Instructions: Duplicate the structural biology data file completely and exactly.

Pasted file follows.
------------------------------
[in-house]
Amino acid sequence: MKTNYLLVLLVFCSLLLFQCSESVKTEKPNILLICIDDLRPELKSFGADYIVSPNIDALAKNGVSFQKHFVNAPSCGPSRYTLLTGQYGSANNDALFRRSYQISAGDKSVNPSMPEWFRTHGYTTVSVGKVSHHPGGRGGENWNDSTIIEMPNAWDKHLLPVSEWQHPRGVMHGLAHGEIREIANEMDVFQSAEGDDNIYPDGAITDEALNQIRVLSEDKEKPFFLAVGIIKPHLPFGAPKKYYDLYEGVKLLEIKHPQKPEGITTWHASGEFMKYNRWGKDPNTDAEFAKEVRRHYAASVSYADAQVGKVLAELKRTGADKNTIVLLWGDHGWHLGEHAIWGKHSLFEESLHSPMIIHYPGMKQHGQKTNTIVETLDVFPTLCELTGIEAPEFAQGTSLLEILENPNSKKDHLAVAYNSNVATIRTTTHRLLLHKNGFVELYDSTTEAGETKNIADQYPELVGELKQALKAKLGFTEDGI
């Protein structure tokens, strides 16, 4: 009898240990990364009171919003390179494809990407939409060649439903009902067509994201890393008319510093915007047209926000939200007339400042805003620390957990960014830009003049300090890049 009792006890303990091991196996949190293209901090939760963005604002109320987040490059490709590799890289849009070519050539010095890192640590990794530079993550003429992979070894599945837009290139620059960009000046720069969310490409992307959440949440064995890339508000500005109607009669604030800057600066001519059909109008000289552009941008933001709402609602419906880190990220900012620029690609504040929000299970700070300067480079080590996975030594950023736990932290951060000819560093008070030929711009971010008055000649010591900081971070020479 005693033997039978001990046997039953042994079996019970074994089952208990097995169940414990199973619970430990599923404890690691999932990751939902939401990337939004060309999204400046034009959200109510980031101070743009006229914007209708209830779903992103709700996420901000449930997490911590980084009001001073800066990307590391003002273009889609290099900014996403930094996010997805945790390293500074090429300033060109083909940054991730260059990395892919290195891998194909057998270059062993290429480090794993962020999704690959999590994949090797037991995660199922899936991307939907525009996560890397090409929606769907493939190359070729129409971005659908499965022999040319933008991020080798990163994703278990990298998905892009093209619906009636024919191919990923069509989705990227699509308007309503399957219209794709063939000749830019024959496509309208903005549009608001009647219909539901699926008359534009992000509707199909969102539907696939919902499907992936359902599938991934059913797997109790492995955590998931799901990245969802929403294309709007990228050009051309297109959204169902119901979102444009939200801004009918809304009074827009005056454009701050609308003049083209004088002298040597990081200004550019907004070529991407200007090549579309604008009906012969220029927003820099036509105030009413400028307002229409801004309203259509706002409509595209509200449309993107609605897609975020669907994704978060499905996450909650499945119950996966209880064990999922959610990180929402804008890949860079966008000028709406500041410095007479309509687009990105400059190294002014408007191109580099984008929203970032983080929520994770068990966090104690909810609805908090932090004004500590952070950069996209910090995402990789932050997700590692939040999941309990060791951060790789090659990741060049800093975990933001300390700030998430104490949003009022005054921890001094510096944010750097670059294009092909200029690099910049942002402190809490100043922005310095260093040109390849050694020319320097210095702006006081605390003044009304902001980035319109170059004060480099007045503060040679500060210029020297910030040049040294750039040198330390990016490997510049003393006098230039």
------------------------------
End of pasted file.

[in-house]
Amino acid sequence: MKTNYLLVLLVFCSLLLFQCSESVKTEKPNILLICIDDLRPELKSFGADYIVSPNIDALAKNGVSFQKHFVNAPSCGPSRYTLLTGQYGSANNDALFRRSYQISAGDKSVNPSMPEWFRTHGYTTVSVGKVSHHPGGRGGENWNDSTIIEMPNAWDKHLLPVSEWQHPRGVMHGLAHGEIREIANEMDVFQSAEGDDNIYPDGAITDEALNQIRVLSEDKEKPFFLAVGIIKPHLPFGAPKKYYDLYEGVKLLEIKHPQKPEGITTWHASGEFMKYNRWGKDPNTDAEFAKEVRRHYAASVSYADAQVGKVLAELKRTGADKNTIVLLWGDHGWHLGEHAIWGKHSLFEESLHSPMIIHYPGMKQHGQKTNTIVETLDVFPTLCELTGIEAPEFAQGTSLLEILENPNSKKDHLAVAYNSNVATIRTTTHRLLLHKNGFVELYDSTTEAGETKNIADQYPELVGELKQALKAKLGFTEDGI
């Protein structure tokens, strides 16, 4: 009898240990990364009171919003390179494809990407939409060649439903009902067509994201890393008319510093915007047209926000939200007339400042805003620390957990960014830009003049300090890049 009792006890303990091991196996949190293209901090939760963005604002109320987040490059490709590799890289849009070519050539010095890192640590990794530079993550003429992979070894599945837009290139620059960009000046720069969310490409992307959440949440064995890339508000500005109607009669604030800057600066001519059909109008000289552009941008933001709402609602419906880190990220900012620029690609504040929000299970700070300067480079080590996975030594950023736990932290951060000819560093008070030929711009971010008055000649010591900081971070020479 005693033997039978001990046997039953042994079996019970074994089952208990097995169940414990199973619970430990599923404890690691999932990751939902939401990337939004060309999204400046034009959200109510980031101070743009006229914007209708209830779903992103709700996420901000449930997490911590980084009001001073800066990307590391003002273009889609290099900014996403930094996010997805945790390293500074090429300033060109083909940054991730260059990395892919290195891998194909057998270059062993290429480090794993962020999704690959999590994949090797037991995660199922899936991307939907525009996560890397090409929606769907493939190359070729129409971005659908499965022999040319933008991020080798990163994703278990990298998905892009093209619906009636024919191919990923069509989705990227699509308007309503399957219209794709063939000749830019024959496509309208903005549009608001009647219909539901699926008359534009992000509707199909969102539907696939919902499907992936359902599938991934059913797997109790492995955590998931799901990245969802929403294309709007990228050009051309297109959204169902119901979102444009939200801004009918809304009074827009005056454009701050609308003049083209004088002298040597990081200004550019907004070529991407200007090549579309604008009906012969220029927003820099036509105030009413400028307002229409801004309203259509706002409509595209509200449309993107609605897609975020669907994704978060499905996450909650499945119950996966209880064990999922959610990180929402804008890949860079966008000028709406500041410095007479309509687009990105400059190294002014408007191109580099984008929203970032983080929520994770068990966090104690909810609805908090932090004004500590952070950069996209910090995402990789932050997700590692939040999941309990060791951060790789090659990741060049800093975990933001300390700030998430104490949003009022005054921890001094510096944010750097670059294009092909200029690099910049942002402190809490100043922005310095260093040109390849050694020319320097210095702006006081605390003044009304902001980035319109170059004060480099007045503060040679500060210029020297910030040049040294750039040198330390990016490997510049003393006098230039």